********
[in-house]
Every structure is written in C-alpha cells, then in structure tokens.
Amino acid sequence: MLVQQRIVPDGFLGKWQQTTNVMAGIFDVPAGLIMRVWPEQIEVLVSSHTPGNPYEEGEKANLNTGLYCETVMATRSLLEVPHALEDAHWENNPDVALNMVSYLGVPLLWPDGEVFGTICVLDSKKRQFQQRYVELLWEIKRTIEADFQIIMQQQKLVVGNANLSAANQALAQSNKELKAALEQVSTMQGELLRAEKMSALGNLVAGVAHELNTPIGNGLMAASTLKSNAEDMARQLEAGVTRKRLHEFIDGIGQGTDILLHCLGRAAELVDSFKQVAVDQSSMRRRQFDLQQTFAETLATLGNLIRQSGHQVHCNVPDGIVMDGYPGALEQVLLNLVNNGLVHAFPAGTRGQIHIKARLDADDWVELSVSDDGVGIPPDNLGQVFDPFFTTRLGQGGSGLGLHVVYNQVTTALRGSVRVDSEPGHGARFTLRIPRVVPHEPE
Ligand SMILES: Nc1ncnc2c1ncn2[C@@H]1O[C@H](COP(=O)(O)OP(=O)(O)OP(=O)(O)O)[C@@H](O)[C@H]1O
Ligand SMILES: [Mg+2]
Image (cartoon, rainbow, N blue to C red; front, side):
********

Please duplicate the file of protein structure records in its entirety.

[in-house]
Every structure is written in C-alpha cells, then in structure tokens.
Amino acid sequence: MLVQQRIVPDGFLGKWQQTTNVMAGIFDVPAGLIMRVWPEQIEVLVSSHTPGNPYEEGEKANLNTGLYCETVMATRSLLEVPHALEDAHWENNPDVALNMVSYLGVPLLWPDGEVFGTICVLDSKKRQFQQRYVELLWEIKRTIEADFQIIMQQQKLVVGNANLSAANQALAQSNKELKAALEQVSTMQGELLRAEKMSALGNLVAGVAHELNTPIGNGLMAASTLKSNAEDMARQLEAGVTRKRLHEFIDGIGQGTDILLHCLGRAAELVDSFKQVAVDQSSMRRRQFDLQQTFAETLATLGNLIRQSGHQVHCNVPDGIVMDGYPGALEQVLLNLVNNGLVHAFPAGTRGQIHIKARLDADDWVELSVSDDGVGIPPDNLGQVFDPFFTTRLGQGGSGLGLHVVYNQVTTALRGSVRVDSEPGHGARFTLRIPRVVPHEPE
Ligand SMILES: Nc1ncnc2c1ncn2[C@@H]1O[C@H](COP(=O)(O)OP(=O)(O)OP(=O)(O)O)[C@@H](O)[C@H]1O
Ligand SMILES: [Mg+2]
Image (cartoon, rainbow, N blue to C red; front, side):